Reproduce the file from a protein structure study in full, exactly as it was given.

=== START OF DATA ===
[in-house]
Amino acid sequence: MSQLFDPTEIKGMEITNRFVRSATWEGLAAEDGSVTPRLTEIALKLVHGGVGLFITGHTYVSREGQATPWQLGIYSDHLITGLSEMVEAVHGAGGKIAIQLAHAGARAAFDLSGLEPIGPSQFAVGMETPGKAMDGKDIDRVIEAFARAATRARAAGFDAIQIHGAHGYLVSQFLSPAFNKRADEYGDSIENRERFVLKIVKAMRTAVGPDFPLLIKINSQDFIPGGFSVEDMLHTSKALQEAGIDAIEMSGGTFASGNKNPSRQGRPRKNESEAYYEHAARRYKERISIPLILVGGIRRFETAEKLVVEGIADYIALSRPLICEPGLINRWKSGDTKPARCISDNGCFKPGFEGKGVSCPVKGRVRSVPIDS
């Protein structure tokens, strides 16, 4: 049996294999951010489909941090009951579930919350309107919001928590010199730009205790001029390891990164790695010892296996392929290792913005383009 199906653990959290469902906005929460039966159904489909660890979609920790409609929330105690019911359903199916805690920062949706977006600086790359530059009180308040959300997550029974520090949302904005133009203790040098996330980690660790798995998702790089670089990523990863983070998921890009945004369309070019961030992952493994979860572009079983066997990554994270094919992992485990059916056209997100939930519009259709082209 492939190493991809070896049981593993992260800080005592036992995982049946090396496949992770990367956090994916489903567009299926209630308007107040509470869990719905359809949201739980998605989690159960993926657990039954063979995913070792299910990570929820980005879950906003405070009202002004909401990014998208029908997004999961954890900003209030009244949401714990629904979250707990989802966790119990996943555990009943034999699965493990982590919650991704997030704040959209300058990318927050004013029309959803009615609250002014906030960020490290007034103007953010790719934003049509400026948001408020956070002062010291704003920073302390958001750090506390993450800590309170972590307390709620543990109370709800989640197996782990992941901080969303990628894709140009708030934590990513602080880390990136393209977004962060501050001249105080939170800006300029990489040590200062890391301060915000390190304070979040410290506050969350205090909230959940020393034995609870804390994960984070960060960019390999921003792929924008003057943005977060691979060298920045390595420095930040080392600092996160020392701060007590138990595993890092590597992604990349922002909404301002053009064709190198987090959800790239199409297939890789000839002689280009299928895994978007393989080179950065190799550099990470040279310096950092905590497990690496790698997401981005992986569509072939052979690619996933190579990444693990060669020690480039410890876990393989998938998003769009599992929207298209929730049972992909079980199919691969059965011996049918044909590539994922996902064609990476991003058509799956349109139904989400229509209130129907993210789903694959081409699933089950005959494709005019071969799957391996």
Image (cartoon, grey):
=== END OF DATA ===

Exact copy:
[in-house]
Amino acid sequence: MSQLFDPTEIKGMEITNRFVRSATWEGLAAEDGSVTPRLTEIALKLVHGGVGLFITGHTYVSREGQATPWQLGIYSDHLITGLSEMVEAVHGAGGKIAIQLAHAGARAAFDLSGLEPIGPSQFAVGMETPGKAMDGKDIDRVIEAFARAATRARAAGFDAIQIHGAHGYLVSQFLSPAFNKRADEYGDSIENRERFVLKIVKAMRTAVGPDFPLLIKINSQDFIPGGFSVEDMLHTSKALQEAGIDAIEMSGGTFASGNKNPSRQGRPRKNESEAYYEHAARRYKERISIPLILVGGIRRFETAEKLVVEGIADYIALSRPLICEPGLINRWKSGDTKPARCISDNGCFKPGFEGKGVSCPVKGRVRSVPIDS
């Protein structure tokens, strides 16, 4: 049996294999951010489909941090009951579930919350309107919001928590010199730009205790001029390891990164790695010892296996392929290792913005383009 199906653990959290469902906005929460039966159904489909660890979609920790409609929330105690019911359903199916805690920062949706977006600086790359530059009180308040959300997550029974520090949302904005133009203790040098996330980690660790798995998702790089670089990523990863983070998921890009945004369309070019961030992952493994979860572009079983066997990554994270094919992992485990059916056209997100939930519009259709082209 492939190493991809070896049981593993992260800080005592036992995982049946090396496949992770990367956090994916489903567009299926209630308007107040509470869990719905359809949201739980998605989690159960993926657990039954063979995913070792299910990570929820980005879950906003405070009202002004909401990014998208029908997004999961954890900003209030009244949401714990629904979250707990989802966790119990996943555990009943034999699965493990982590919650991704997030704040959209300058990318927050004013029309959803009615609250002014906030960020490290007034103007953010790719934003049509400026948001408020956070002062010291704003920073302390958001750090506390993450800590309170972590307390709620543990109370709800989640197996782990992941901080969303990628894709140009708030934590990513602080880390990136393209977004962060501050001249105080939170800006300029990489040590200062890391301060915000390190304070979040410290506050969350205090909230959940020393034995609870804390994960984070960060960019390999921003792929924008003057943005977060691979060298920045390595420095930040080392600092996160020392701060007590138990595993890092590597992604990349922002909404301002053009064709190198987090959800790239199409297939890789000839002689280009299928895994978007393989080179950065190799550099990470040279310096950092905590497990690496790698997401981005992986569509072939052979690619996933190579990444693990060669020690480039410890876990393989998938998003769009599992929207298209929730049972992909079980199919691969059965011996049918044909590539994922996902064609990476991003058509799956349109139904989400229509209130129907993210789903694959081409699933089950005959494709005019071969799957391996």
Image (cartoon, grey):